The better you know your customers, the increased chance of acquiring more. Many of the white papers I developed at DNN were based on conversations with customers using our Web CMS software.
I believe customer interviews are the marketing program with the highest ROI. This post will provide tips on how to use customer interviews to enhance lead generation content.
Setting Up the Interview
In most organizations, it’s the sales (not marketing) department that owns the relationship with customers. It’s important to build and nurture a strong relationship with sales colleagues, so they can facilitate customer interviews.
Once sales colleagues introduce me to their customer, here’s a brief introductory email I’ll send:
Hi [FIRST NAME],
Nice to meet you via email! I’m on the marketing team at DNN and work on our content programs. I’d love to spend 30-40 minutes on the phone, to better understand how you came to select our product and how you’re using it.
I’ll use the knowledge gained to create better and more relevant content. If you can send me some open dates and times, I’ll follow up with a calendar invite. Thanks!
While my sales colleagues facilitate the customer connection, I’ll request that I handle the call alone. This helps customers understand they are not getting a sales call.
Here are six questions I like to ask:
1. How did you find us?
Some aspects of a deal are invisible to customer relationship management (CRM) and marketing automation systems. At DNN, some customers find us because a colleague (i.e., an influencer who is not central to the deal) recommended us.
In our CRM, we see that the customer visited our website and filled out the “Request Pricing” form. By talking to the customer, we gain visibility into what was previously invisible.
If a lot of new business comes by way of these recommendations, then I know to invest more in influencer and advocate marketing. In addition, I can think of new content that will engage (and potentially activate) these influencers.
TAKEAWAY: Speak to customers to uncover nuggets hidden from your CRM system.
2. What made you select us?
The competitive differentiators listed on your website may be different than the reasons customers choose you. You may focus on “time to market,” while customers choose you for cost savings. Customer interviews help highlight the key differentiators in winning the deal. As an added bonus, you may hear weaknesses of competitors’ offerings. These insights help build content for the mid-to-late stages of the sales funnel: vendor landscapes, vendor comparison sheets and buying guides.
TAKEAWAY: Use the reasons customers chose you to guide mid-to-late stage content.
3. How are you using the product?
Some customers use your product as envisioned, while others use it for unexpected reasons. What if this “edge case” use is more common than initially thought? Sounds like it’s time to build content around that use case — in the form of website copy, case studies, webinars and SlideShares. You may also discover new customer segments that can form the basis of subsequent lead generation campaigns.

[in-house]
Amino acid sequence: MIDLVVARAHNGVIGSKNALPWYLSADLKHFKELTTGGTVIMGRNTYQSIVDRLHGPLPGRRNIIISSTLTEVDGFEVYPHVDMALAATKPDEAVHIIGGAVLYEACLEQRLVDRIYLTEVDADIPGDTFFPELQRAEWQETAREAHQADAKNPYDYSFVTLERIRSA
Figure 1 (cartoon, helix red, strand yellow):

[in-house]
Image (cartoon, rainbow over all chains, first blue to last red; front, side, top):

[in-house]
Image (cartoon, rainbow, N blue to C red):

TAKEAWAY: Utilize insights from customer use cases to drive new content and campaigns.
4. What are your biggest pain points?
I ask this question to understand concerns around our product, as well as issues in general. For the former, I’m able to spot a potentially unhappy customer and provide a heads-up to my colleagues in sales, support or product departments.
Understanding the customer’s broader pain points can provide a goldmine of ideas for new content. Content to lessen customers’ burdens is bound to be popular and well received.
TAKEAWAY: Understand customer pain points, then create content to address them.
5. How do you stay current in your job or industry?
I could have been specific and asked customers, “What websites do you visit to stay current?” Instead, I prefer an open-ended question, which can uncover any number of things: conferences, meet-ups, websites, blogs, mentorship programs, etc.
The answers can provide clues on new content that customers may find useful. For instance, if customers stay current by viewing Web development courses on Udacity, it might spark an idea for a new video series. In addition, it provides a set of experts I might partner with on content creation.
If certain websites keep surfacing in customer interviews, I can pass this to my demand generation team as potentially new vehicles for advertising and sponsorship programs.
TAKEAWAY: Understanding how customers stay educated can provide clues for new content programs.
6. What are your career goals or aspirations?
This isn’t a common customer interview question, but it helps me understand the customer’s role and persona. If your typical customer is a Web marketer who wants to be a chief marketing officer someday, that’s useful to know.
Why? Because you can attract new customers by providing content that helps them move up the marketing ladder. For example, you could create an e-book titled: “How Marketers Can Transition from Individual Contributors to Executive Managers.”
TAKEAWAY: Understand the career goals of your customers, then create content that helps them get there.
If there’s one thing I hope you remember from this post, it’s this question: How well do I really know my customers? Get to know customers better, and your marketing will benefit. You’ll create content that more effectively hits the mark while boosting lead generation programs. Having said that, it’s time to wrap up: I need to call a customer!
About the Author
Dennis Shiao is Director of Content Marketing at DNN (@DNNCorp). Dennis is a contributing author to the book “42 Rules of Product Marketing” and is Editor of the DNN blog. Feel free to reach out to Dennis via email, email@example.com or find him on Twitter, @dshiao.